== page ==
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Although the crucial distinction between unipolar depressive disorder and bipolar disorder is the presence of mania (or hypomania) in the course of the latter, significant differences between unipolar and bipolar depression have also been found in clinical studies. The primary aim of the present investigation was to assess pleasantness/unpleasantness(More)
Zolpidem is a non-benzodiazepine hypnotic drug acting preferentially at α1-containing GABAA receptors expressed in various parts of the brain, including the basal ganglia. The aim of the present study was to provide preliminary characteristics of zolpidem-induced catalepsy in Wistar rats. Zolpidem (2.5-10.0mg/kg), but not diazepam and midazolam, produced(More)
Animal studies suggest that induction of depression-like states may alter preference for sweet tastants. A major goal of the present study was to search for correlations between depressive symptoms measured by the Beck Depression Inventory (BDI) and taste responses to sweet and bitter substances. Thirty-three nonclinical volunteers rated intensity and(More)
OBJECTIVE Preclinical studies indicate that dopaminergic transmission in the basal ganglia may be involved in processing of both pleasant and unpleasant stimuli. Given this, the aim of the present study was to assess taste responses to sweet, bitter, sour, and salty substances in patients with Parkinson's disease (PD). METHODS Rated intensity and(More)
It has been repeatedly reported that NMDA receptors may contribute to ethanol-induced discriminative stimulus effects and withdrawal syndrome. However, the role of NMDA receptors in the reinforcing properties of ethanol remains unclear. The aim of the present study was to evaluate effects of the novel low-affinity, uncompetitive NMDA receptor antagonist,(More)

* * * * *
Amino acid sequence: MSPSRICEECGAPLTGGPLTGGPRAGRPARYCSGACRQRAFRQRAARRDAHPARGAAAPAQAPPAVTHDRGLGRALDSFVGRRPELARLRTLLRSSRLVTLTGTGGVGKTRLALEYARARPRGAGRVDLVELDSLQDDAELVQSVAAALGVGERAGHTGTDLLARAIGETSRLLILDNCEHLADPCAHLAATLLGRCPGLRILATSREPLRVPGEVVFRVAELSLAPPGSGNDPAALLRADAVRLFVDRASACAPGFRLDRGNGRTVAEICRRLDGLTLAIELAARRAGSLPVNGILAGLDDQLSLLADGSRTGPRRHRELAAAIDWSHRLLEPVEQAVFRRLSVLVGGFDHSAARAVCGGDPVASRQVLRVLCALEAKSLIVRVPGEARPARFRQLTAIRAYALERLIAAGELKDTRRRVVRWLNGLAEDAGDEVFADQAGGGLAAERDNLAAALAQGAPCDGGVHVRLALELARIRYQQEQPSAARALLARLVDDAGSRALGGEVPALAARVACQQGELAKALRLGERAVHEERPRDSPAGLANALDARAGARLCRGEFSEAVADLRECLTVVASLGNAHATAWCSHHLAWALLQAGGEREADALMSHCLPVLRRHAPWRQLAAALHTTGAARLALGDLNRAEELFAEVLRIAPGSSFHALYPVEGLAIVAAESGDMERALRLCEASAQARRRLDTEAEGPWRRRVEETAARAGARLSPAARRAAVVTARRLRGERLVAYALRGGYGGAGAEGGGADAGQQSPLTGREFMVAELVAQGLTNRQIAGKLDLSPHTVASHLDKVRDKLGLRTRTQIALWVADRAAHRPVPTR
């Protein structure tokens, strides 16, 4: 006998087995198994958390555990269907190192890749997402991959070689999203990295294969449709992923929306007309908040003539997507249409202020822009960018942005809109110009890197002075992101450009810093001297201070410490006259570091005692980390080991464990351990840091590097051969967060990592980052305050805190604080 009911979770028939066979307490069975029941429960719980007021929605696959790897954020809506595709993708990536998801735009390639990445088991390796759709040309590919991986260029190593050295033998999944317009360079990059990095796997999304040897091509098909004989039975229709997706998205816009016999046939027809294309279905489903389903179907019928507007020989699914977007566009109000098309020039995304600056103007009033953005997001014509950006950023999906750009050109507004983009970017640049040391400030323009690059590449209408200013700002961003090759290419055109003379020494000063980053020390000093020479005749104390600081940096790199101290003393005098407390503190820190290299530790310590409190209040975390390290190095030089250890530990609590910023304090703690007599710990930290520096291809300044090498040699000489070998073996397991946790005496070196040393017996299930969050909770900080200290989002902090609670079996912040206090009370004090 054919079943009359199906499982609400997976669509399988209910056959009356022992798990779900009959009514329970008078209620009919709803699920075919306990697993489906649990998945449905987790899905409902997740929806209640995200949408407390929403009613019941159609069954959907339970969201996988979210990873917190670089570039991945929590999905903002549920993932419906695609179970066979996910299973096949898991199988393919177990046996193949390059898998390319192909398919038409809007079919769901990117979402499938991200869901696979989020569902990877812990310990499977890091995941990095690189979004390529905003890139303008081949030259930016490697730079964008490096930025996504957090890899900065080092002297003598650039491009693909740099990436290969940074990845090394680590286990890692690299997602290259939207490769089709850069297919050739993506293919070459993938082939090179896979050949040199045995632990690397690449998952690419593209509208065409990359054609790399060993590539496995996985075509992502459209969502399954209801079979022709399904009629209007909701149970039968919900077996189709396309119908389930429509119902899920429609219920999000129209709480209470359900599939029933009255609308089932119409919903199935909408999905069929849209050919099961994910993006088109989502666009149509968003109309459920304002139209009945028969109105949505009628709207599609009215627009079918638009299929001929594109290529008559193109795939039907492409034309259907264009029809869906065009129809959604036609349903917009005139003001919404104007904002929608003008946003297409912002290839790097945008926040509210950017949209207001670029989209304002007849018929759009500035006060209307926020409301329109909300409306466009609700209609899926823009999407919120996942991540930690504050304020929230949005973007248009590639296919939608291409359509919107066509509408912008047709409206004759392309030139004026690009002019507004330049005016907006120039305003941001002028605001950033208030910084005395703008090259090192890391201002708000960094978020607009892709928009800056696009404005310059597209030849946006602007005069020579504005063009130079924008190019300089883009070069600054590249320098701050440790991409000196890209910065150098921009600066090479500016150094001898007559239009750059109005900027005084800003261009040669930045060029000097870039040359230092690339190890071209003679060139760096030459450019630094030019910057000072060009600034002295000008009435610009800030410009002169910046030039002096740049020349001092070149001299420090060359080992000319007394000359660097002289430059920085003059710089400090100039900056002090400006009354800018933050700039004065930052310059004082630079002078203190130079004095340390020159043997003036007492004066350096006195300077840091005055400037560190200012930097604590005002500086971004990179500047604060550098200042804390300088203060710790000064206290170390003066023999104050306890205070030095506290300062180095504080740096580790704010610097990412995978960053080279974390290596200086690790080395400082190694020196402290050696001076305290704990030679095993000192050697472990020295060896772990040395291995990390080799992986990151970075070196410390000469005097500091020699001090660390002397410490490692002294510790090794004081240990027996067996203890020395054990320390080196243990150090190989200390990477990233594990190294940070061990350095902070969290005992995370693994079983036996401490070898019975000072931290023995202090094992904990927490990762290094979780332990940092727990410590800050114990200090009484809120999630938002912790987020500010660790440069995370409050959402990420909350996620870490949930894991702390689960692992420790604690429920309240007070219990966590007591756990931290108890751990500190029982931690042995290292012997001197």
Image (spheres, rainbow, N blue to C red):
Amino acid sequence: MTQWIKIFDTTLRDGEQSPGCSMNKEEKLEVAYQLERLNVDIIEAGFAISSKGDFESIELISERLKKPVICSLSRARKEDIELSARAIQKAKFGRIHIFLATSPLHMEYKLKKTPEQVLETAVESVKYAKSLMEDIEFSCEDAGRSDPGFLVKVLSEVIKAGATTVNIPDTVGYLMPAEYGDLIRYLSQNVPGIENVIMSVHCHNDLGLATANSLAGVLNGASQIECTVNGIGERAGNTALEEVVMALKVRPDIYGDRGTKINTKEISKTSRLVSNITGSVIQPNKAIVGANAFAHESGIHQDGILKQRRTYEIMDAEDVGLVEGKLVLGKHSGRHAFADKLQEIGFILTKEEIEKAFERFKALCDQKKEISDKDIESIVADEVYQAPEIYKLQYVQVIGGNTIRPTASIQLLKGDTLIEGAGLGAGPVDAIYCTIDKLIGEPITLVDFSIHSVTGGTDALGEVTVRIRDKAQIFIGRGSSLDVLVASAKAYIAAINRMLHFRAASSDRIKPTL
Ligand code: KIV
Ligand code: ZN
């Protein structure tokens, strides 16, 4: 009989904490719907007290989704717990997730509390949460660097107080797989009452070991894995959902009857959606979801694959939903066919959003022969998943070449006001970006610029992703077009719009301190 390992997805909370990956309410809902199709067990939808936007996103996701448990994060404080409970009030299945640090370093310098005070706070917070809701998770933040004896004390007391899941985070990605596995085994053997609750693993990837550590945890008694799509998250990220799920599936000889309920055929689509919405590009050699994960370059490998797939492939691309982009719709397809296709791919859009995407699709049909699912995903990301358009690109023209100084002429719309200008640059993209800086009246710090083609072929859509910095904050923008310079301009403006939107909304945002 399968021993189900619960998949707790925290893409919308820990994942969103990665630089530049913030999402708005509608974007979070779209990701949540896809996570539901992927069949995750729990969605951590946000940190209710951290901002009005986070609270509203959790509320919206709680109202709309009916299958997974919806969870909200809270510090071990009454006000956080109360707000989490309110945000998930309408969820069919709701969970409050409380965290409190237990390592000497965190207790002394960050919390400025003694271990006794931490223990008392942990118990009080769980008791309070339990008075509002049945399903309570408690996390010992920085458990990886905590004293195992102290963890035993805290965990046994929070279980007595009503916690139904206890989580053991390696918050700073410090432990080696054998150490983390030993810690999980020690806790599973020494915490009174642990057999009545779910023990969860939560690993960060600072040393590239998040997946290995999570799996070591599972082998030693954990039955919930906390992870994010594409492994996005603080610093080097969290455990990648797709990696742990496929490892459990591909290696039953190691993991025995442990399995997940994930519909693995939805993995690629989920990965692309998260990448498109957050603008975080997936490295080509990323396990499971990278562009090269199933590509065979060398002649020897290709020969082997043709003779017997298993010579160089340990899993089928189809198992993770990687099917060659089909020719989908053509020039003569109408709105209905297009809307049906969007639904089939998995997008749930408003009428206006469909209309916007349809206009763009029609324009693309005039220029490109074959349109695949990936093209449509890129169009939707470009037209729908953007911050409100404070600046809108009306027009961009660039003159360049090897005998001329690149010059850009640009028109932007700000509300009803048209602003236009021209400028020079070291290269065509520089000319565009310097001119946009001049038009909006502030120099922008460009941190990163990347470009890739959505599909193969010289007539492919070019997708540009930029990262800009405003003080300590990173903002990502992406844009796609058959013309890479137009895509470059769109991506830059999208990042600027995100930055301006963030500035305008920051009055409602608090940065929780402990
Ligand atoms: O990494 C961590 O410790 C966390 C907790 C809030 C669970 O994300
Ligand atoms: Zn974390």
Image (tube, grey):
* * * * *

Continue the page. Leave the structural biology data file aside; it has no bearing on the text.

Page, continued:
This study examined taste descriptions elicited by ethanol and by other tastants in humans. All subjects described 10% ethanol as bitter and approximately 30% of the subjects described it as sweet and/or sour. Highly significant correlations were found between sweetness of some sucrose solutions (0.6-1%) and intensity of the taste of ethanol. In another(More)
Inhibitory effects of passive ethanol exposure on brain neurogenesis have been extensively documented in animal models. In contrast, a role of brain neurogenesis in ethanol self-administration has not been addressed, as yet. The aim of this study was to assess intake of, and preference for, ethanol solutions [2-16% (v/v)] in a mouse model of adult(More)
The aim of the present study was to compare taste responses (intensity and pleasantness/unpleasantness) to sweet, bitter, sour, and salty solutions in sons of male alcoholics (SOMAs) and control subjects with no family history of alcoholism. In addition, responses to Coca-Cola flavour were evaluated in both groups. Unpleasantness of salty solutions was(More)
Several studies have shown that an opioid receptor antagonist, naltrexone, decreases palatable food consumption. Naltrexone has also been reported to reduce ethanol intake in alcohol-preferring rodents and human alcoholics. The aim of the present study was to assess the effects of naltrexone on taste and smell responses in healthy male volunteers.(More)
AIMS The aim of the present study was to evaluate a possible relationship between taste responses to sweet solutions and alcoholic status. METHODS The rated intensity and pleasantness of sucrose taste was compared in male alcoholics (n = 45) and non-alcoholic controls (n = 33). RESULTS The rated intensity, but not pleasantness, of water taste (0%(More)